Tuesday, April 18, 2017

Salamander's Orchard: Grafting and Mowing

The new trees in the East row are grafted to Nova Spy.  The middle two rows are Enterprise.  The West row is Honeycrisp (you are welcome, Salamander).  I grafted the G.935 rootstock I planted earlier this year.  I also grafted trees where the entire top died out and it was pushing suckers...thirteen trees if memory serves.
First dandelions.  230 degree days B42F.
A couple of grafting shots.  I got busy and forgot to take them.

This is one of the trees that died out and pushed suckers.  It is in the west row so it is being grafted to Honeycrisp. I like being able to stand up and graft.  Kneeling is good for the soul but kneeling in nettles makes my knees tingle.

Wrapping.  Three tricks to wrapping with a rubber band.  Start at the bottom.  Keep tension on the rubber band as you wrap.  Terminate the wrap by putting the last wrap over the tip of your thumbnail and flipping it over the end of the band on the final wrap.  Books tell you to stick the end of the band through the loop but that takes three hands.
We planted fifteen fruit trees in Salamander's Orchard and another twenty five persimmons planted in the swamp this year.  Even though we did not get the entire 2017 plan executed I still feel like we had a successful spring.  I expect every tree in the orchard survive and two-thirds of the trees in the swamp.

Planting trees throws along shadow.  God willing, those trees will still be there thirty years from now and will produce fruit most years.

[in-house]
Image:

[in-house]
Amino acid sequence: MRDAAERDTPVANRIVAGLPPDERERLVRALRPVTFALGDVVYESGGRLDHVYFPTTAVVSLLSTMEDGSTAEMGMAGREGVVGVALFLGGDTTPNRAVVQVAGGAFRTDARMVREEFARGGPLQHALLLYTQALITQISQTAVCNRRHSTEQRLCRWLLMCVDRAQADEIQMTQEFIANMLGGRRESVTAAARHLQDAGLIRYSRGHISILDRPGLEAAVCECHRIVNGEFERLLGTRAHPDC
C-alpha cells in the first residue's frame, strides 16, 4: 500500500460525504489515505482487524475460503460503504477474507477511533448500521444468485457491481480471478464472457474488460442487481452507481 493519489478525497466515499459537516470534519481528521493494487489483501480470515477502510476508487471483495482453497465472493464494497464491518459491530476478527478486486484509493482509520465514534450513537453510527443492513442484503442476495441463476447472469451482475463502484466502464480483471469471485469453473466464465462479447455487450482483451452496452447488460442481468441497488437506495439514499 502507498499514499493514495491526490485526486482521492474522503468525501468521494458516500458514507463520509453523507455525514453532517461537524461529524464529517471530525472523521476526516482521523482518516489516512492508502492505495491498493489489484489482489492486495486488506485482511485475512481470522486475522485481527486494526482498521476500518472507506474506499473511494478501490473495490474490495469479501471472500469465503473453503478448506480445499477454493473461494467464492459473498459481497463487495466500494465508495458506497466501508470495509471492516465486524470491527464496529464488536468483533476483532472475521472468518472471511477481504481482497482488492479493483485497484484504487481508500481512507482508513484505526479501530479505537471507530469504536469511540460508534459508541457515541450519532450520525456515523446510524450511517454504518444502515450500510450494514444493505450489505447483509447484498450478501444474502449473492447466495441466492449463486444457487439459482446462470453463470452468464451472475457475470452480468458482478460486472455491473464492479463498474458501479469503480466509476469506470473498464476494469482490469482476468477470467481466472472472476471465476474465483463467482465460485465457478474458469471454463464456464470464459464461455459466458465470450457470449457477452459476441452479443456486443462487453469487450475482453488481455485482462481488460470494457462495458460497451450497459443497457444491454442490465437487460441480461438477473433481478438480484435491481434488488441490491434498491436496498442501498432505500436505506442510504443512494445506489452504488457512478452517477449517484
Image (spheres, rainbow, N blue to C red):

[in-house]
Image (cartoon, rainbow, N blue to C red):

Mowing

Yeah, a hand mower.  If you are going to hit a rock or a stump it is better to lunch a $135 hand mower than an $800 PTO driven mower.
After.
Before.  The grass was not very tall but mostly I was mowing to discourage nettles, autumn olive, blackberries, raspberries, multiflora rose, mulberry seedlings, poison ivy and the like.
After.  The blue tubes are "tree tubes".  They hasten growth and discourage deer and rabbit browsing.  The tree tubes mark where I grafted the G.935
I got three quarters of the orchard mowed.  Then I packed up and got to Eaton Rapids High School two minutes before Kubota walked out the door.  Mrs ERJ's minivan is in the shop being repaired so I got to pick him up.

Cattail note:
Cattails are between 4" and 6" tall.  They are almost invisible due to the standing, dead, brown cattails from last year.   This would have been a good day to spray cattails because the wind was blowing toward the shore.  Any spray drift would be pushed to land rather than out into the water.

Cattail control will have to wait for another day.  The shoots are just not tall enough and the water level is high.  There is no way to put herbicide on them without some getting into the water.

---Note---
A "hack" for applying herbicide to fussy areas is to put on a pair of latex gloves followed by a pair of fleece gloves.  Dip your double gloved hand into the diluted herbicide up to the knuckles (no thumb) and then hand apply to the leaves of only the plants you want gone.  You will be surprised at how precisely you can apply especially after you get the knack of using your thumb to guide protected plants away from your fingers.

A more "production" version of this is to use a paint roller and to roll the diluted herbicide onto the offensive plants.  This technique demands that surfacant, i.e. detergent, be added to the herbicide to ensure good wet-out.

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